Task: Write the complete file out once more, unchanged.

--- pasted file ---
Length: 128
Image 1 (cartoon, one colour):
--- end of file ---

Length: 128
Image 1 (cartoon, one colour):